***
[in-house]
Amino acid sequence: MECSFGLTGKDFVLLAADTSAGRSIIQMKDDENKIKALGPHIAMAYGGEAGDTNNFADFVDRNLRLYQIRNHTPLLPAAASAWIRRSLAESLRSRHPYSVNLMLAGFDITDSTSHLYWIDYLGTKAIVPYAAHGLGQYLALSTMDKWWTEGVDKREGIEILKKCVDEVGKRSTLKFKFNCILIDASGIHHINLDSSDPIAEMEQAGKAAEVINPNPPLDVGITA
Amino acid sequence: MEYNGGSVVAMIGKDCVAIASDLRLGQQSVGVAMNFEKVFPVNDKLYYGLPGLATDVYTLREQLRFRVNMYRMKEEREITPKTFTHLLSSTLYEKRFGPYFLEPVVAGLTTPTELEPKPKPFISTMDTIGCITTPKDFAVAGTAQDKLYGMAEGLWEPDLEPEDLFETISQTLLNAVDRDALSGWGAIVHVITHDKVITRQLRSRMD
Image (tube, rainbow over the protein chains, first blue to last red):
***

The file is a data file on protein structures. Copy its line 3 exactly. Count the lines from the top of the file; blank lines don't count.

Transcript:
Amino acid sequence: MEYNGGSVVAMIGKDCVAIASDLRLGQQSVGVAMNFEKVFPVNDKLYYGLPGLATDVYTLREQLRFRVNMYRMKEEREITPKTFTHLLSSTLYEKRFGPYFLEPVVAGLTTPTELEPKPKPFISTMDTIGCITTPKDFAVAGTAQDKLYGMAEGLWEPDLEPEDLFETISQTLLNAVDRDALSGWGAIVHVITHDKVITRQLRSRMD